Universities warned of further sanctions if they dock staff pay in assessment boycott

6 November 2014 | last updated: 18 November 2019

As an assessment and marking boycott affecting over 1.2 million students starts today, UCU has written to the 69 affected universities* and warned of even greater sanctions if they dock full pay from the staff involved.

UCU members will stop marking work, returning marks and setting or sitting exams and coursework from today  in a row over proposed changes to staff pensions. The union said assessment constituted a minority of work for most academic and professional staff and it would be unjust to fine members 100% of their wages for taking part in the boycott as some hardline institutions propose to do.

The letter, sent by UCU's head of bargaining, Michael MacNeil, warns institutions that if they take a confrontational approach to pay docking they will 'only serve to exacerbate and prolong what is already a bitter dispute' and 'cause long-lasting and deep-seated harm to industrial relations at your institution.'

UCU said that as well as a backlash from angry staff it would isolate the worst culprits as pariahs within the global academic community through a full academic boycott. The full academic boycott is the union's ultimate sanction and has been used just once before in the union's history. The last time the union undertook an assessment and marking boycott was in 2006.

So far only the University of York has said it will be levying 100% pay deductions from day one of the dispute. UCU said there are clear splits on the employers' side with Imperial College proposing to deduct just 25% from staff engaged in the boycott and many other institutions taking care to reserve their right to deduct rather than setting out that intention.

UCU general secretary, Sally Hunt, said: 'Docking 100% of pay from staff who are continuing to perform the vast majority of their duties is completely unethical and risks causing greater damage to students' education. Punitive pay docking could lead to lectures and seminars being cancelled as members refuse to work for free. Any institution docking full pay and claiming it has students' interests at heart is lying.

'The union is clear that not only will we fully support any members facing punitive pay docking, but we will take steps to isolate the worst offenders as pariahs within the global academic community.

'Universities should be sending a clear message to their Universities UK negotiators that they want them to recognise the strength of views among staff and negotiate seriously before real damage is done both to students and to industrial relations.'

In its message to staff Imperial joined the likes of Oxford, Cambridge and Warwick universities in speaking out against UUK's proposals. Imperial said it was in favour of keeping a defined benefit scheme, which it believes would enhance recruitment and retention packages.

Other institutions have criticised UUK's unnecessarily pessimistic assumptions and how damaging the changes would be in terms of keeping the pension scheme competitive. A group of statisticians said assumptions used by UUK contained 'misinformation and a mistake' and were not adequately justified. The employers had previously removed a whole section from a briefing after being accused of massaging figures.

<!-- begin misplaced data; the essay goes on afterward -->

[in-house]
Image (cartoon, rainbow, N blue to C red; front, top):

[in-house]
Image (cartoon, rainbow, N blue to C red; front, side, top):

The union's letter also asks universities for an update on their position regarding negotiations in the light of the divisions in recent weeks and sets out an alternative proposals to those offered by UUK.

* The 69 universities that will be hit by the marking boycott:

Aberdeen, The University of
Aberystwyth University
Aston University
Bangor University
Bath, University of
Belfast, Queen's University of
Birkbeck College, University of London
Birmingham, University of
Bradford, University of
Bristol, University of
Brunel University
Cambridge, University of
Cardiff, University of
City University
Courtauld Institute
Cranfield University
Dundee, The University of
Durham University
East Anglia, University of
Edinburgh, University of
Essex, University of
Exeter, University of
Glasgow, The University of
Goldsmiths College, University of London
Heriot-Watt University
Hull, The University of
Imperial College London
Institute of Education, University of London
Keele University
Kent, The University of
King's College London
Lancaster, University of
Leeds, The University of
Leicester, University of
Liverpool School of Tropical Medicine
Liverpool, University of
London School of Hygiene and Tropical Medicine
London School of Economics
Loughborough University
Manchester, The University of
Newcastle University
Nottingham, The University of
Open University
Oxford, University of
Queen Mary, University of London
Reading, University of
Royal Holloway, University of London
Royal Veterinary College
Ruskin College
Salford, The University of
School of Pharmacy, University of London
Scottish Association for Marine Science (academic partner in the University of Highlands and Islands)
Senate House, University of London
Sheffield, The University of
SOAS, University of London
Southampton, University of
St Andrews, University of
St George's, University of London
Stirling, The University of
Strathclyde, University of
Surrey, University of
Sussex, University of
Swansea University
Ulster, University of
University Campus Suffolk
University College London
University of Wales, Trinity St David
Warwick, University of
York, University of

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